New clause 3, as we heard from the Minister, is about the assessment of enforcement resources. We would require an assessment to be made and laid before Parliament on the level of resources allocated, or proposed to be allocated, to enforcement of the prohibition of ivory dealing. Clearly, unless we have effective enforcement, the Bill is toothless. Enforcement is a critical part of achieving the aims of the legislation. Chief Inspector Hubble stated that point succinctly during the evidence session, saying that
“any Bill has to be enforceable; if not, it is just guidance. It is not legislation if it cannot be enforced.”––[Official Report, Ivory Public Bill Committee, 12 June 2018; c. 35, Q59.]
None of us in Committee wants simply to produce guidance notes to guidance legislation.
During the progress of the Bill, Members in all parts of the House have raised the issue of resources necessary to enforce the Ivory Bill effectively. On Second Reading, the hon. Member for Richmond Park (Zac Goldsmith) said that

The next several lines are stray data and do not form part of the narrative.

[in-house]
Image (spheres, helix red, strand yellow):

“the ban will be meaningful only if it is properly enforced”,
stressing the need for the provision of
“a long-term settlement for the National Wildlife Crime Unit, as well as resources for the CITES Border Force team.”—[Official Report, 4 June 2018; Vol. 642, c. 111.]
The right hon. Member for North Shropshire (Mr Paterson) asked for
“a strong, firm reassurance from the Minister that this legislation will need enforcing and will need the right level of expertise.”
Enforcement is not just about funding, but about the level of expertise required. He said that the National Wildlife Crime Unit should
“be beefed up and properly resourced for the future. On the same grounds, the CITES Border Force team at Heathrow needs sufficient levels of manpower and resources, as they will be our front line of defence against illegal imports and organised criminal activity coming into the UK.”—[Official Report, 4 June 2018; Vol. 642, c. 105.]